Did North Korea Really Test a Hypersonic Missile?

North Korea Hypersonic Missile Screengrab from KCNA

Did North Korea Really Test a Hypersonic Missile?

North Korea is working toward the deployment of hypersonic missiles that it claims could render South Korean and U.S. missile defenses useless. Still, its claims of a successful test this month appear greatly exaggerated

North Korea is working toward the deployment of hypersonic missiles that it claims could render South Korean and U.S. missile defenses useless. Still, its claims of a successful test this month appear greatly exaggerated.

An advanced, fully developed hypersonic missile could allow the North to pose a serious threat against South Korea. Such a missile could fly very fast, very low, maneuver to counter defenses, and accurately hit its targets, potentially defeating South Korean and U.S. missile defenses and making targets in South Korea vulnerable. North Korea’s bluster about its test is clearly aimed at creating an environment of fear in South Korea and elsewhere.

On April 2, North Korea launched what it claimed was an intermediate-range missile equipped with a “newly-developed hypersonic gliding flight warhead.” North Korean state media announced that “the hypersonic glide warhead reached its first peak at a height of 101.1 kilometers and the second at 72.3 kilometers while making a 1,000-km-long flight as planned to accurately hit waters in the East Sea.” 

While South Korea, Japan, and the United States don’t reveal their full technical findings on missile tests, the South Korean Joint Chiefs of Staff (JCS) showed that this North Korean missile is still early in development and thus is not currently a serious threat. Consider this evidence.

The JCS said the missile launch was designed to test its ability to fly. The missile did fly, though neither as far as an intermediate range (3,000 to 5,500 km) nor to the exaggerated North Korean claim of 1,000 km—it only went 600 to 650 km, according to South Korea and Japan. So, was the North Korean flight at least a partial failure, if not a significant one, or was it a partial test with limited fuel? The North claimed that it “…intentionally delayed the ignition of the missile’s second-stage engine and changed the direction of flight.” However, the South Korean JCS says the intentional ignition delay was also an exaggeration.

The North’s claims that this missile would be difficult to track are also questionable. The South Korean JCS said they immediately detected the missile launch and traced its path, sharing information with the United States and Japan. And a missile flying at 100 or even seventy kilometers altitude would be relatively easy to see. Did the missile descend to a low altitude (100 meters or so) where a missile defense radar would have more difficulty seeing it?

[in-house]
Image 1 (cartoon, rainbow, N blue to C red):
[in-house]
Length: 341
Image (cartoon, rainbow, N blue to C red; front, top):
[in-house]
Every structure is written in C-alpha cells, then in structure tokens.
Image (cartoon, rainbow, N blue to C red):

Because the flight was over the ocean, this glide vehicle was unable to test terrain matching, which could be required for the missile to be accurate and to help it stay close to the ground to hide it from a missile defense radar. Did the missile maneuver to complicate interception? The missile may not have these capabilities, and without them, it is not much of a threat. If it does have them, they apparently still need to be tested.

Did it really fly at hypersonic speed? The glide vehicle reportedly flew 650 km or so in about twelve minutes, suggesting an average speed of less than Mach 3, well below hypersonic speed, defined as Mach 5 or higher. Flying at hypersonic speed at low altitudes in the atmosphere requires very advanced materials to prevent the glide vehicle from burning up; it may well be that this North Korean glide vehicle still lacks such materials.

Even if all of these issues are resolved in North Korea’s favor, are the Patriot missile defense systems unable to intercept a hypersonic missile? While the Patriot does not appear to have been tested against glide vehicles, it has been tested in Ukraine against the Russian Kinzhal hypersonic missile. While there are Ukrainian versus Russian debates about how many Kinzhals Patriots were shot down, at the very least, Patriots were successful in defending against Kinzhals on several occasions

So, when one considers all of these issues, it seems highly unlikely that the newly tested North Korean hypersonic glide vehicle will pose a real threat anytime soon. If North Korea wants this weapon to spark fear in the South, it would need to successfully fly it in the atmosphere at speeds greater than Mach 5, maneuver it without causing it to burn up, fly it very low over land with hills and valleys, and prove its ability to hit targets (not broad ocean areas) accurately. Deficits in these areas could leave Patriot defenses able to intercept it. By the time North Korea can deploy a more capable hypersonic missile, the United States may well have fielded an advanced defense system capable of dealing with it. 

While North Korea’s recent test flight failed to establish hypersonic missiles as the latest addition to its arsenal of threats, it did demonstrate that the regime of Supreme Leader Kim Jong-un remains deeply engaged in the pursuit of new tools of intimidation and coercion.

About the Author. Dr. Bruce W. Bennett 

Bruce W. Bennett is a senior international/defense researcher at the nonprofit, nonpartisan RAND Corporation. He works primarily on research topics such as strategy, force planning, and counterproliferation within the RAND International Security and Defense Policy Center.

Image: KCNA/Screengrab.